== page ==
Derick E. Hingle-US PRESSWIRE - Presswire
There are some intriguing arms at the lowest levels of the Red Sox minor-league system, even if there are no outright stars.
With the minor-league regular season over, it's time to look back at what the farm has accomplished in 2012. The plan is go to team-by-team, as we did for our daily prospect updates, but this time around, we'll review by position, so you get a sense of where the Red Sox are strong and where they are lacking depth.
This time around, we turn our attention to the system's pitching. If you missed out on our review of outfielders, you can find all of it here.
Pat Light, SP
Light was Boston's third pick in the 2012 draft, the last of their three first-round selections. It's unknown at this point if he'll be a starter or a reliever, but he started each game he pitched during this season. Of course, starting in short-season Lowell isn't like starting elsewhere, even Low-A, as pitchers tend to throw 2-3 innings per outing, rather than what we think of as a full start.
Light throws from the low-to-mid 90s with his fastball -- one Baseball America described as plus-plus in their pre-draft evaluations. He also features a slider and a change-up, though, both of those offerings are in need of work. That's the primary reason why it's unknown what Light's future holds for him at this early stage, as the development of secondary offerings is tied directly to his future role.
He struck out nearly a batter per inning in his 30 frames while keeping the ball in the park and free passes to a minimum. The challenge for Light won't be found in the lower levels, something that can be said about just about any pitcher with a plus fastball. When he gets to the point where he needs to lean on his secondary stuff more, we'll have a better sense of what Light will be for the Red Sox in the future.
Justin Haley, SP
Haley was Boston's sixth-round pick, out of Fresno State. He's a big pitcher already, at 6-foot-5 and 230 pounds, and has the velocity to match his imposing frame. The right-hander also throws a curveball and a change-up, though, you won't be surprised to hear that a sixth-round pick needs to refine those pitches in order to improve his chances of success as a pro.
Walks were the issue for Haley in 2012, but between the strikeouts and the more grounder-oriented results he induced, he was able to get away with it. That will be more difficult at higher levels, as is everything else for pitchers in the minors. But if Haley can keep the ball on the ground and continue to miss bats, a few extra walks won't be insurmountable.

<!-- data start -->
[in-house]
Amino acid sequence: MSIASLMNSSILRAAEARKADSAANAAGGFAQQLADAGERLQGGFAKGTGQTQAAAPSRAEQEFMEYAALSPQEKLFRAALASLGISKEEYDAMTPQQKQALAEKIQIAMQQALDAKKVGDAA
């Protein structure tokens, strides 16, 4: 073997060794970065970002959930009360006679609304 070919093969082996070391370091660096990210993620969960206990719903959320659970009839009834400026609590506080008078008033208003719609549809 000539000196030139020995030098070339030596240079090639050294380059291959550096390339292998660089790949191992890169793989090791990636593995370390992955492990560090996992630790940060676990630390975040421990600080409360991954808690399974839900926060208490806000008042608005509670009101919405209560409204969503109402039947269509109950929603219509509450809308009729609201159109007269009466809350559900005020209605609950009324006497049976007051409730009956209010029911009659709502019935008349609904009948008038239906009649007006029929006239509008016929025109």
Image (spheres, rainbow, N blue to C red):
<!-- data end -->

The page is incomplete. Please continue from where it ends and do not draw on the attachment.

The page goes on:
Mike Augliera, SP
Augliera walked just three of the 157 batters he faced. His 4.42 ERA doesn't look as good as what Light and Haley accomplished, but the fifth-round selection from this summer's draft was plenty successful after initial issues. Augliera struggled to begin his professional career, but over his last nine appearances and 27-1/3 innings, the righty struck out 30 hitters while giving up just a pair of free passes, and held opponents to just three earned runs. That's an ERA of 0.99 for those of you keeping score at home, and while it's not an accurate representation of who Augliera is, neither is the 12.74 ERA he posted prior to this excellent stretch.
Augliera is something of a wild card, as it's clear he has fantastic control -- he led the NCAA in K/BB in his senior year. But, he had trouble early on with his command, as he threw plenty of strikes, but not quality ones. That seemed to fix itself with more exposure to pro hitters, and it's something that will be tested each step up. If he can combine consistent command with his control, then there could be a future for Augliera despite the lack of attention given to him as a potential prospect.
William Cuevas, SP
Cuevas was signed as a non-drafted free agent back in 2008, but this is the first year that he's spent outside of Rookie ball. He set new career bests in strikeout and walk rate despite the promotion, and was second on the Spinners in innings. Cuevas started just six times, but again, short-season starts don't mean what they normally do -- he still averaged over five frames per appearance, more than many of the pitchers who outpaced him in games started.
Cuevas will likely be a 22-year-old in Greenville next year, along with the rest of this group (though, Augliera will be the old man at 23). He's never been rated as a prospect with the Sox or in the GCL, and, like Augliera, his ability to keep consistent command to go along with his ability to throw strikes will be what makes or breaks his career.